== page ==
Preliminary planning begins to raise Wyangala Dam's wall

Member for Cootamundra Steph Cooke at Wyangala Dam.
Member for Cootamundra Steph Cooke at Wyangala Dam.

Preliminary investigative and planning work to raise the Wyangala Dam Wall are under way, with WaterNSW progressing an environmental impact study, early scoping, community engagement, concept design and the final business case.

Member for Cootamundra Steph Cooke said she welcomed the update from WaterNSW, who have been working hard to keep the community informed on the important water infrastructure project.

"It is great to see the project well underway with early works progressing," Ms Cooke said.

"I look forward to these initial works being completed so we can get shovels in the ground on this important work to increase the capacity of Wyangala Dam for an additional 650 gigalitres."

The environmental impact study's first draft will be made public in mid-2021 and will involve a public submissions process.

The intention of the EIS process is to ultimately address any matters of significant environmental impact in line with strict state and federal government environmental regulations.

Investigations into likely inundation levels are also advancing and should be finalised by September this year.

The project's first major construction work is the redevelopment of the Reflections Holiday Park, which is scheduled to commence in October, and estimated to take up to 12 months.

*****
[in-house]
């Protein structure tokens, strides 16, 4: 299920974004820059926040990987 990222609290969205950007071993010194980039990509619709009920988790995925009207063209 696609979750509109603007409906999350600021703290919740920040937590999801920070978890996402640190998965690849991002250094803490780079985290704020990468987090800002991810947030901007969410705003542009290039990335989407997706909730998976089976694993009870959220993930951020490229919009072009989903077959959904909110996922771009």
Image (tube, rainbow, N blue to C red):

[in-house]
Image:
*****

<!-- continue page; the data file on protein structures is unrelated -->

In May, partner company WaterSecure signed on to oversee upcoming work on the wall raising.

Ms Cooke said the announcement means the Wyangala Dam wall-raising will be fast tracked.

The project will increase the size of the current dam by more than 50 per cent - or 650 gigalitres.

"The Wyangala Dam expansion is vital for ensuring water security and flood mitigation for the towns and villages, industry, agriculture and horticulture across the region," she said.

"We will have shovels in the ground by October for this historic project.

"Our communities have done it tough with the drought and COVID-19, but we are resilient and will look back knowing that we have been responsible for the recovery of our state's economy.

"Thanks to the improved water security for our prime agricultural regions, farmers will be able to produce food and vital exports that will play a crucial role in our nation's future."

Ms Cooke has also welcomed the news that local businesses can register their interest to work with WaterNSW on the Wyangala Dam project.

Minister for Water, Property and Housing Melinda Pavey announced earlier in the month that an online business portal for local businesses who were keen to be part of the $650 million damn wall raising project had been launched.

Ms Cooke said she encouraged local businesses to register.

"This is a fantastic economic opportunity for our communities, particularly at a time when other work might be slowing down," she said.

"This is an opportunity for businesses of all sizes, so I urge anyone who wants to be part of this project to register their interest.

"Be part of improving water security in the Lachlan Valley, and be part of this incredible infrastructure project."

Local business owners can register their interest online at www.waternsw.com.au/wyangalabusiness

On Monday, the water level in Wyangala had risen to 17.5 per cent.

That's from a February low of eight per cent.

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